The Caps needed just 3:19 to get on the board, as Boyd Gordon potted his first goal of the year to make it 1-0. The Leafs allowed Gordon to stand alone in front of the net, where he redirected a pass from Matt Bradley past Vesa Toskala.
   
But the Leafs came right back and tied the game just 31 seconds later, when Alexei Ponikarovsky beat an otherwise-solid Olaf Kolzig, who finished the night with 31 saves.
   
From there, it was all Washington. Matt Pettinger gave the Capitals the lead for good at the 5:26 mark of the opening period, when he took advantage of a loose rebound and beat Toskala to make it 2-1. Ovechkin notched his first of the evening 11:57 into the first period, and Jeff Schultz ended Toskala’s night just two minutes later when he was left alone in the slot to beat the Leafs’ netminder. Toronto coach Paul Maurice then replaced Toskala with Andrew Raycroft. At the time of the move, the Leafs were being outshot by a 13-3 margin.

''Clearly there's still difficulty in accepting to play a simple game,'' Maurice said. ''We just continued to try and make plays that weren't there.''
   
The Capitals beat Raycroft for the first time at the 8:57 mark of the second period, when Bradley scored shorthanded on a slap shot to make it a 5-1 game. Ovechkin scored his second of the night – and ninth in nine games against Toronto – via the power play less than three minutes later.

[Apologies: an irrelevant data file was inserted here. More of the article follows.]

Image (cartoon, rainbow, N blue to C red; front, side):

''We played very well tonight, all four lines played well, everybody scored and our goalie played well,'' Ovechkin said. ''I think we deserved tonight's win.''

Material from wire services was used in this report.
Quote of the Day

The groove of being behind a bench is going to be interesting at first, but thank God we have a few exhibition games to get rid of those cobwebs. Overall the excitement of it all and the freshness and coming back refreshed, all those things are going to be assets. If [the players] come ready to give their best effort in practice and games, good things are going to happen. I'm always looking for results. It's not always on the scoreboard. It's winning and building something.

— Bryan Trottier on making his return to coaching as an assistant with the Sabres